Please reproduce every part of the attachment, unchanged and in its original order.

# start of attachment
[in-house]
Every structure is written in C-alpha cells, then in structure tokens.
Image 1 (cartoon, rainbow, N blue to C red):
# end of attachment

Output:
[in-house]
Every structure is written in C-alpha cells, then in structure tokens.
Image 1 (cartoon, rainbow, N blue to C red):